Would these sea steads have a military?

(adam ulbrich) #1

Would these sea steads have an active military?

(Gavin Brown) #2

Well mine would have a security force, think star trek style. They would carry out basic police and security duties but when required man the battle stations and fight invaders off. All weapons would be designed as point defences/ short range. Nothing to attack another sovereign nation.


Basically what Gavin said. I was thinking more of the Swiss style where everybody is trained as militia for defense, and maybe a couple guys just doing regular police duties. It obviously depends on the size of the seastead though, and location.


Depends on what gets built, and by whom. At small family scale, there really is no need. So far, nothing has been built.


If I create a ocean colony that got reasonably large than it would have remote control guns and as I have already messed around with homemade weaponized drones, sure they might not be able to take on a modern navy but should be good to take care of pirates and things like that but I expect the only ones who would most likely attack a seastead to be existing nations anyway.

There’s always the option of private defense companies too. Like the ones already hired to protect cargo ships

(adam ulbrich) #6

private companys would be to expensive in the long run

(Larry G) #7

Compared to what?

Risk management has a framework and formulas. One is that the cost of mitigation is justified when the estimated cost of damage from an incident (D), multiplied by the probability of that incident happening § exceeds the cost of mitigation (M).

So if the incident is sinking of your $10M seastead, and the probability (on an annualized basis) of the particular scenario that would cause it to sink is 5%, then any cost of mitigation up to $500k/year that reduces the risk to 0, is clearly justified. More complex, if the cost of mitigation is $300k, but reduces the risk to 2% chance per year, then that would be justified.

Expense is always relative.


The thing with private defense companies/contractors is that the people working for them are experienced and more or less have a system down as it would be bad for business if pirates took over a ship, so unless the seastead has very experienced persons in combat/fighting move in and live there than a security company might be a safer bet.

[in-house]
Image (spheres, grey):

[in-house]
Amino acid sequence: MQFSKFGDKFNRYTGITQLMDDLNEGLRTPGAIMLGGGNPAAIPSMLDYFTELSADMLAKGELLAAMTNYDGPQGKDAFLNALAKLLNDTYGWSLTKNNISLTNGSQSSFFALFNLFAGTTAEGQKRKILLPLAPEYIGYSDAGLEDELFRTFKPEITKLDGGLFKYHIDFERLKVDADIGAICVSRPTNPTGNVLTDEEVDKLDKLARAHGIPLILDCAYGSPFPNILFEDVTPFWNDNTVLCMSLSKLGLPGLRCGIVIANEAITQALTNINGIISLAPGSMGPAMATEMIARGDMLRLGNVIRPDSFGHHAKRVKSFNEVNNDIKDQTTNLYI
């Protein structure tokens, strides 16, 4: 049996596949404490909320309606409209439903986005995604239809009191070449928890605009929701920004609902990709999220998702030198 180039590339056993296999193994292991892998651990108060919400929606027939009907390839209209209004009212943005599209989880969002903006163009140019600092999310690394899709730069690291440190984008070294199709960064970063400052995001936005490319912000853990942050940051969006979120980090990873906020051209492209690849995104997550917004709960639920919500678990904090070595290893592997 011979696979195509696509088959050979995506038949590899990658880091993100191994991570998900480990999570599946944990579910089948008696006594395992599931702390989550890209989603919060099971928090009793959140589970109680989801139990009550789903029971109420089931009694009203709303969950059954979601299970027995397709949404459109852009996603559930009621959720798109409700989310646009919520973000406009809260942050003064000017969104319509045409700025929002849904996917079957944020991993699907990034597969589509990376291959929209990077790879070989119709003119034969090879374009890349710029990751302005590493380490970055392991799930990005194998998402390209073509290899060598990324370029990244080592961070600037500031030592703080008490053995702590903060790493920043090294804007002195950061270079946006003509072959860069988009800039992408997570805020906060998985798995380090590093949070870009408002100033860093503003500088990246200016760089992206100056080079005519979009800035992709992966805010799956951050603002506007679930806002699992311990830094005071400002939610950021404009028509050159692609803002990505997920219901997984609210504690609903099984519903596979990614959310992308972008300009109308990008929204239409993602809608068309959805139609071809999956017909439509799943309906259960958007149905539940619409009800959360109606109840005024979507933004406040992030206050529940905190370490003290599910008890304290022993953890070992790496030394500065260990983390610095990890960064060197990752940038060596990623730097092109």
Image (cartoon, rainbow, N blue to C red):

And if something does go wrong than most private defense companies almost always has direct connections with military forces insuring rapid response which may be a good or bad thing for a independent seastead, but it would add an extra layer of protection.

(Matias Volco) #9

In many a Caribbean island they use water pistols to shoot at opportunistic tropical birds snatching cocktail snacks. If birds colonize an open air lens shape we can recruit a children militia, that is lit. an infantry unit, to keep them in line.
if that’s not enough we can always have an enclosed laser tag fantasy dome

(Wilfried Ellmer) #10

The “need for a military” will be about the same as at Disneyland and Carnival …so a couple of nice guys in fancy uniform, driving an electro scooter, people can ask for the way when they get lost- maybe.

Relevant Hypothesis in this context:

• Seasteading is a Child of the Enlightenment Movement (ref 534)
• Humanity is starting doing things different ( ref. 943 )
• There are things which rapidly become obsolete in our world ( Kings subduing people by military force - a custom of the dark ages - should be one of them) - smarter forms of human interaction are taking over - quickly - hopefully fast enough to save the human project from the brink of desaster.
• Seasteading will be part of the solution - not part of the problem.

@Matias - nice picture ! congrats...
**context**: Military is [obsolete](http://concretesubmarine.activeboard.com/t57838040/blockchain-technology/?page=1#comment-59038232)